Zipper and polo neck collar

 

Do you ever have this strange feeling while finishing a project that now is the time to start it all over again? I have it almost every time. When I finally figure out how to modify a pattern to make it look and fit better, it’s all over, and I move on to the next project. Yet, there is always this lingering thought at the back of my mind that if I make this exact pattern again, I’ll do it better.

Last month, after my success with the Hoodless Hoodie, I immediately started knitting another zippered jacket for my husband. To be honest, I hate putting zippers in my knits. I don’t have a sewing machine and have to do everything by hand. It takes lots of time and lots of ripping off. And I hate working with dark yarns – hard to see and hard to stitch parts together. Why then I made the second jacket from a very dark yarn and with a zipper? I think, because I wanted to prolong the feeling of total control that working on the hoodie gave me.

Also I was hoping that going again through the same ropes will help with muscle memory. You know, a bit like in cooking. When I love a dish, I’d make it again and again – not only to savor the flavors but also the process of cooking it. And it takes less and less time with repetition because there is no need to check a recipe and my hands remember all the moves. Yes, a different dish could be more intriguing but here I know already the final taste and I can tweak and play with the ingredients to get exactly what I want and like.

Again, I picked a pattern from an old Phildar magazine. The body is done in four parts, mostly in stockinette (easy) with some ribbing on the sides. Actually, I picked it for the ribbing – I thought it would look flattering and slimming (it does) because even if my husband doesn’t care about his looks, I do. After all, I am walking next to him!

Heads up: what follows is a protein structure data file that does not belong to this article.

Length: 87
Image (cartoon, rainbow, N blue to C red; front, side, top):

There are only few finished projects for this pattern. Looking at the pictures I decided to forgo the pockets. The way pockets are designed in this pattern, they would have added bulk to the stomach area where you don’t need any additional bulk.

And again, I was using the Hebridean wool from Birlinn Yarn Company. And again, I didn’t have enough yarn and had to order several more balls (very fast shipping, highly recommend!). 

Making the parts was easy. The only problem was the need for the natural light to work with the dark yarn. Otherwise there were no problems. I used directions for two sizes (again) – for the back and sleeves XL and for the front parts XXL – because I wanted the front to be roomier, not too snug.

Sewing in zipper doesn’t get easier with practice but it gets less tedious and nerve raking. Either listen to a book or some music and be prepared to spend several hours (not necessarily consecutive) as well as to do a lot of ripping off. One more thing – all the work with a zipper is done before you stitch the parts together: it goes much smoother when you are dealing with just two fronts, not the whole jacket.